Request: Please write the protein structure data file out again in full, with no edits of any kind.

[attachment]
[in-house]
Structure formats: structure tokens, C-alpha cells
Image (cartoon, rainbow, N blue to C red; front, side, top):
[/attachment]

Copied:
[in-house]
Structure formats: structure tokens, C-alpha cells
Image (cartoon, rainbow, N blue to C red; front, side, top):